USC welcomes back Reggie Bush after 10 years in NCAA exile

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AP2005

FILE - In this Nov. 19, 2005, file photo, Southern California tail back Reggie Bush walks off the field holding the game ball after the Trojans defeated Fresno State, 50-42, at the Los Angeles Coliseum. The former star running back had been prohibited from interacting in an official capacity with the school he played for from 2003-05 since NCAA sanctions handed down in 2010. Bush and USC were penalized for him and his family receiving impermissible benefits while he was still in school. USC President Carol Folt wrote in a letter to Bush on Wednesday, June 10, 2020, that he could now be afforded the privileges and courtesies extended to all Trojan football alums.(AP Photo/Kevork Djansezian, File)

Reggie Bush was the centerpiece of Southern California's last football dynasty. He inspired players to become Trojans and continued to be adored by USC fans while spending a decade in NCAA-mandated exile from the school.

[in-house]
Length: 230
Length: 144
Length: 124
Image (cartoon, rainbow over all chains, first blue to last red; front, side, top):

USC welcomed back Bush on Wednesday, 10 years to the day the NCAA slammed the program with sanctions that included cutting off official ties to the only Heisman Trophy winner to have his victory vacated.

“I’ve dreamed of this day for 10-plus years, and I’m excited to come home!” Bush said in a statement.

Bush played running back at USC from 2003-05, helping the Trojans to a pair of national championships. Five years after he was gone, Bush and USC were penalized by the NCAA after an investigation determined he and his family received impermissible benefits while he was still in school.

USC President Carol Folt wrote in a letter to Bush that all restrictions had been officially removed and he could now “be afforded the privileges and courtesies extended to all Trojan football alums.”

The school also ended its disassociation with former basketball star O.J. Mayo, who was also sanctioned in 2010 for receiving impermissible benefits as part of the same broad investigation into USC athletics.

Bush's Trojans teams won national championships in 2003 and '04 and had a 34-game winning streak. He ran for 3,169 yards in three seasons, averaging 7.3 yards per carry, and scored 42 touchdowns.

He won the 2005 Heisman, with 1,740 yards rushing and an 8.7-yard average per carry. But the award was vacated because of the NCAA sanctions. He voluntarily returned the statue to the Heisman Trophy Trust before the organization had a chance to strip him of it. Bush is the only Heisman winner to not be recognized by the Heisman Trust.